(v) passing the remaining particles to said third separation stage comprising a cyclone separator wherein light weight particles are separated as cyclone overflow from remaining middle weight particles separated as cyclone underflow.

In a preferred aspect of the invention, the remaining particles after the separation effected in step iii above are passed directly into a circular duct in which a centrifigal force is induced to separate medium weight particles not separated in the second separation.

Another embodiment of the invention comprises mixing coal particles recovered by the method of the invention with particles of alkali metal hydroxide such as calcium hydroxide of substantially the same size as the recovered coal particles and agglomerating the mixture as by pelleting or briquetting. The result is a combustible article of manufacture substantially reduced in pyritic sulfur content whose total sulfur content is substantially converted to ash upon burning.

BRIEF DESCRIPTION OF THE DRAWINGS

A better understanding of the present invention may be had by reference to the following detailed description of the preferred embodiments thereof taken in connection with the accompanying drawings wherein:

FIG. 1 is a diagrammatic representation of the apparatus of the invention used to effect the separations;

FIG. 2 is an enlarged diagrammatic sectional view of the apparatus of the first separation stage of the invention;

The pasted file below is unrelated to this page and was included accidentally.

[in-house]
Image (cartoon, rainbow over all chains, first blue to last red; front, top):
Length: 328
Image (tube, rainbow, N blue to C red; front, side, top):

FIG. 3 is an enlarged sectional view of the apparatus of the second separation stage of the invention; and

FIG. 4 is an enlarged perspective view of the apparatuses of the second and third separation stages of the invention.

DETAILED DESCRIPTION OF A PREFERRED EMBODIMENT

Referring to the drawings, a drying duct indicated generally as 5, comprised of an elongated straight section 7 and a curved section 9 communicates with a first separation stage I. First separation stage I communicates with a second separation stage II via duct 11 and the second separation stage II communicates via duct 13 with separation stage III. Stage III is connected by duct 53 to a dust collector 17. A heated conveying gas such as hot air is fed via conduit 19 into entry tube 21 of narrower diameter and pulled through the closed system by a fan 23 which induces a vacuum of 20 to 35, preferably about 28 inches water gauge. Thus, the flow rate of the heated conveying gas falls in the range of approximately 4000 to 5000 feet per minute.